Hong Kong's Swire scraps $2.7 billion property IPO

HONG KONG Thu May 6, 2010 7:51am EDT

Clouds gather over Hong Kong on September 14, 2009. REUTERS/Bobby Yip

Clouds gather over Hong Kong on September 14, 2009.

Credit: Reuters/Bobby Yip

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HONG KONG (Reuters) - The property unit of conglomerate Swire Pacific (0019.HK) has pulled plans to raise up to $2.7 billion through a Hong Kong initial public offering because of deteriorating market conditions, the parent company said on Thursday.

Swire Properties, deep into its spin-off process, is one of several deals in the last few days to be yanked or downsized, as local stock and bond markets suffer from a combination of Chinese government tightening measures to fears of further financial troubles in Greece and the rest of Europe.

"The company is naturally disappointed at this outcome but feels that it would be wrong to proceed with the proposed spin-off given the recent sharp deterioration in market sentiment," Swire Pacific Chairman Christopher Pratt said in a statement.

Swire Pacific's shares were suspended Thursday prior to the announcement and are expected to resume trading Friday morning. The stock was down 2.82 percent before the suspension.

"The market, globally, has been pretty volatile lately due to negative news, such as Greece's debt problems," said Adrian Ngan, an analyst at CCB International. "I'm not too surprised that Swire is holding off plans right now, especially since its size is quite huge and the pricing is relatively high."

India's Essar Steel ESRG.UL, which had been looking to issue a roughly $500 million U.S. dollar bond, put that deal on hold on Thursday, a week after its sister company Essar Energy cut the price of its London IPO.

China's New Century Shipbuilding withdrew its Singapore IPO on Wednesday.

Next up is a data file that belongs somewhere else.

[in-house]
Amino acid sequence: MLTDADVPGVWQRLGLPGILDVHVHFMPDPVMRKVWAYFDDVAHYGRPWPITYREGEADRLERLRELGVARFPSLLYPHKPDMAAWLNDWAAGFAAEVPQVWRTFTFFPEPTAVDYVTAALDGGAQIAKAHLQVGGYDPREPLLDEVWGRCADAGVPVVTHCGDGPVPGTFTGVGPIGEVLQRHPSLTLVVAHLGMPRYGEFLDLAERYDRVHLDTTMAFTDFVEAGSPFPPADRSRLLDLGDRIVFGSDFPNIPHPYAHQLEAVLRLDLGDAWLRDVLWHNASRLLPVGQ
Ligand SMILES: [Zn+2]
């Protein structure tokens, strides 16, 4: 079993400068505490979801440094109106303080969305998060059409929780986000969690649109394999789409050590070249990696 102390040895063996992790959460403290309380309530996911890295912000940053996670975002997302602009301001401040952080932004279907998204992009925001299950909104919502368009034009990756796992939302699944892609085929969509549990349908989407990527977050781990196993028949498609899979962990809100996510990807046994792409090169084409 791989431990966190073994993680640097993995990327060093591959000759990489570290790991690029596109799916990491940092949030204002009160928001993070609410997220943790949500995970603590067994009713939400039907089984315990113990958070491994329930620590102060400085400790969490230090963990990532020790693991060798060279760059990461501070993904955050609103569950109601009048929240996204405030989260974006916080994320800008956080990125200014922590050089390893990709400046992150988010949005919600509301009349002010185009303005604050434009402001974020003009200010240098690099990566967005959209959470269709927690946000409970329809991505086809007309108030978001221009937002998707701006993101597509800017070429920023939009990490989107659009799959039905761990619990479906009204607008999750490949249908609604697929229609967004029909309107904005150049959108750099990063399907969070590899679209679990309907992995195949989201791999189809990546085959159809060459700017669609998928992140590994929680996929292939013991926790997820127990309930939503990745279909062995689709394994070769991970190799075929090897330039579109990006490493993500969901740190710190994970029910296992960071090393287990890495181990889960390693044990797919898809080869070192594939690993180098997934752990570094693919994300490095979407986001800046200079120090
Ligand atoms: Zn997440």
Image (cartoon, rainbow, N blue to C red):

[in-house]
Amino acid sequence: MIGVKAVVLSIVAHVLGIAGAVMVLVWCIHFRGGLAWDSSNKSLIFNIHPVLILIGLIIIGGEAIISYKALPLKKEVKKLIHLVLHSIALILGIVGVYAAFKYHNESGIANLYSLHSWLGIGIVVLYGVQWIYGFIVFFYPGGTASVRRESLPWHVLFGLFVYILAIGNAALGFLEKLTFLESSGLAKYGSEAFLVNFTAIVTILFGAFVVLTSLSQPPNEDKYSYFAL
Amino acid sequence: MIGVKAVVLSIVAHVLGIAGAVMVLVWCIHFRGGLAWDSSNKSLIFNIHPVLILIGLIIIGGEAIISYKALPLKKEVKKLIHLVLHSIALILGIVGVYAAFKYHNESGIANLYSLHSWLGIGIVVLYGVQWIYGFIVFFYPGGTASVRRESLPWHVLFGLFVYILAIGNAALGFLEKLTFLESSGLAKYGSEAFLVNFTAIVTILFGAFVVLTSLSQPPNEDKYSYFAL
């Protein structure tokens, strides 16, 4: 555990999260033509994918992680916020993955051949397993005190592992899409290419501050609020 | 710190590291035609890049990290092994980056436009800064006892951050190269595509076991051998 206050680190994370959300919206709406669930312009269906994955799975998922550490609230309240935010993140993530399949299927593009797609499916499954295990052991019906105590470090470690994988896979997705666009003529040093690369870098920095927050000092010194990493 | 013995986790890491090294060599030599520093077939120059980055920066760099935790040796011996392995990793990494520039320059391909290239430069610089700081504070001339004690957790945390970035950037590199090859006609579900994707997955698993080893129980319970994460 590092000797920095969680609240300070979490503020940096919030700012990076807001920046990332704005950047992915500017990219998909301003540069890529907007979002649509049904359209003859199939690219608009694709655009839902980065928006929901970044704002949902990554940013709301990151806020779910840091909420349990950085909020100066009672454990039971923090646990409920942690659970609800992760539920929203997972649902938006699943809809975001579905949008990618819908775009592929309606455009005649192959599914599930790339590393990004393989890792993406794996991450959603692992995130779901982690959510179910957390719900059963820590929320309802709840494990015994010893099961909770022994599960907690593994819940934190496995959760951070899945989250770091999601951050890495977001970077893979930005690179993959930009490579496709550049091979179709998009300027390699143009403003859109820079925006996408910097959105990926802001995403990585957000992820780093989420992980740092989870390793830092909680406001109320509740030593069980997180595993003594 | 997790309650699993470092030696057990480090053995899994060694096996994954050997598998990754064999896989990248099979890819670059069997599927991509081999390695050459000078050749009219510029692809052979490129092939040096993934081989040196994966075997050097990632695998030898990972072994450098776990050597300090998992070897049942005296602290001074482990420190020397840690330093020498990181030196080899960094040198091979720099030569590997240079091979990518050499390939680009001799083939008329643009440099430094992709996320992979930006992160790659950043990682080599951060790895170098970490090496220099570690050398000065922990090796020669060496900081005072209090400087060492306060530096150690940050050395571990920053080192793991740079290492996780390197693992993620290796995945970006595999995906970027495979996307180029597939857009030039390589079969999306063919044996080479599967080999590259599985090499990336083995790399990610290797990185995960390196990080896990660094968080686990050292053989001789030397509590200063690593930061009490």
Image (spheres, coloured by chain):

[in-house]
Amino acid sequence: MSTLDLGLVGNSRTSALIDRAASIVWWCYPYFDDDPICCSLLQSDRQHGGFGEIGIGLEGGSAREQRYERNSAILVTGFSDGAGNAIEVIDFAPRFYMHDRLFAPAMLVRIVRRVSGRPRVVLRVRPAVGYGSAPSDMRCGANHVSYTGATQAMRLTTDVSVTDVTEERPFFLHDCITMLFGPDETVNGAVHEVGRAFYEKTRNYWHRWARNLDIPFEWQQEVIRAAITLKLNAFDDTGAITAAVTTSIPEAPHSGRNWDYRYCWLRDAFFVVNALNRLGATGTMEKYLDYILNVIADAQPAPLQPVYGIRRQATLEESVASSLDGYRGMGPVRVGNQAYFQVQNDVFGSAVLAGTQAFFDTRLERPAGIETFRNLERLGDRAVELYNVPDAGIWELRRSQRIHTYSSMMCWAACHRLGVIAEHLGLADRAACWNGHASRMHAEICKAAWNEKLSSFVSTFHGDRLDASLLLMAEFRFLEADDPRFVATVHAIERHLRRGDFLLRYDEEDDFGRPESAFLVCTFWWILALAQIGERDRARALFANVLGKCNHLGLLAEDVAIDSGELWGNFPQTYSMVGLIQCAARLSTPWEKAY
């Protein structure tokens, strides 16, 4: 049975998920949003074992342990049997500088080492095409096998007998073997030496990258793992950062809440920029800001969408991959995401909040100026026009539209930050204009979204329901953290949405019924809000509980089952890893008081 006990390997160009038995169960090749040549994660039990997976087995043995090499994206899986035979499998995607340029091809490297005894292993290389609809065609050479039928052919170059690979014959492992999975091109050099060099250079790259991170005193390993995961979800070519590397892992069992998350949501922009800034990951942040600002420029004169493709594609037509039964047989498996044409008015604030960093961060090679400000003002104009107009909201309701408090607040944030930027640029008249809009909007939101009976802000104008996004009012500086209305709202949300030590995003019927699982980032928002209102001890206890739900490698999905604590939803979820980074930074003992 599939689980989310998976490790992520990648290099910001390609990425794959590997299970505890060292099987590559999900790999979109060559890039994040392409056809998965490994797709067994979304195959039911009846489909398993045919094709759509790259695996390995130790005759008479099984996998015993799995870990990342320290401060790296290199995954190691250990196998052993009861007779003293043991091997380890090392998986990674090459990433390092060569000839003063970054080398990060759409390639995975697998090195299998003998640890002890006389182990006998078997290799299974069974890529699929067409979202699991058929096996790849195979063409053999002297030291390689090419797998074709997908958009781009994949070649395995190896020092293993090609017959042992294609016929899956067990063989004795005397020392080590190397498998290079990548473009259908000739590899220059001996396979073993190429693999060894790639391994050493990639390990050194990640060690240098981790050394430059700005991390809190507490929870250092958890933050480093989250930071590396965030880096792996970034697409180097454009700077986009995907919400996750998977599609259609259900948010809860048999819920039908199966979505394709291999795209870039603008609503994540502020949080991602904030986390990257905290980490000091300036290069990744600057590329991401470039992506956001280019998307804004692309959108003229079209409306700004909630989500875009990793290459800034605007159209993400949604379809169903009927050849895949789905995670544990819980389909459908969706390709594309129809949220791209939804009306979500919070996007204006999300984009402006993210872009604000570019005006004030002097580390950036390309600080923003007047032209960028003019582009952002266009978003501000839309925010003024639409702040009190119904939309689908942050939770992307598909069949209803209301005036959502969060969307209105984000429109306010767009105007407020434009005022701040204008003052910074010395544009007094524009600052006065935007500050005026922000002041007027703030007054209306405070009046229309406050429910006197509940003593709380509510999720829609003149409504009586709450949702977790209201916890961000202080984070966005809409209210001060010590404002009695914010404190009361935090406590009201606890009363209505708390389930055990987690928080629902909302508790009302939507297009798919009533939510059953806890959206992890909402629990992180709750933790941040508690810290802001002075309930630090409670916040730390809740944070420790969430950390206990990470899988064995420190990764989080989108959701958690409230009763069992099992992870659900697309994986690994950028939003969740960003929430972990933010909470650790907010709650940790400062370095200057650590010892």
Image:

In addition to malaise spreading across stock and bond markets, the property sector itself is under major pressure, particularly in Greater China.

Property shares have dominated short-selling activity which has picked up to one-year highs.

Hong Kong stocks have dropped nearly 10 percent since mid-April, hit by government measures to curb property prices and measures to absorb excess market liquidity, including a rise in bank reserve requirements unveiled over the weekend.

Swire Pacific, the property unit's parent, is a conglomerate with businesses in aviation, property, shipping and offshore services industries. Swire Pacific also owns Cathay Pacific Airways (0293.HK), Hong Kong's dominant airline and Asia's No.5 by market value.

Swire Pacific shares were suspended on Thursday afternoon. The stock fell 2.8 percent to end the morning session at HK$81.05 before trading was halted. The company did not respond to calls seeking comment.

Goldman Sachs (GS.N), HSBC Holdings (0005.HK)(HSBA.L) and Morgan Stanley (MS.N) were underwriting the Swire Properties deal. The banks declined to comment as well.

PROPERTY BUBBLE FEARS

The authorities in China and Hong Kong have been concerned with fast-rising property prices fuelling worries of asset bubbles forming. Over the past few months, the Hong Kong government has repeatedly expressed concerns with rising property prices.

Some of its moves over the past few months include raising taxes on luxury apartments, increasing land supply and targeting irregular sales practices by developers.

Since the launch of the Swire Properties roadshow on April 26, shares of Singapore developer CapitaLand (CATL.SI) have dropped 15.9 percent, while the Hang Seng Properties Index is down 8.3 percent. Swire Pacific's shares dropped 15 percent.

Shares of Chinese developer Evergrande (3333.HK) fell 10 percent on Thursday

"The Swire Properties IPO is quite expensive. At 20-21 times PE (price to earnings), it is not surprising if they decide to pull out," said Andrew To, sales director, Tai Fook Securities Co Ltd.

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Comments (1)
Ngan wrote:
Personal opinion – Instead of trying to do the biggest IPO in a bad market, Swire should consider acquiring its long time partner, China Motor Bus (26), from the Ngan family. Many of Swire’s property developments in the past decade has been with CMB anyway, and with CMB trading at less than its cash value, it will essentially be getting a few pieces of land for development “for free”. It can then gradually inject its valuable properties into CMB when the timing is right.

May 06, 2010 10:15pm EDT  --  Report as abuse
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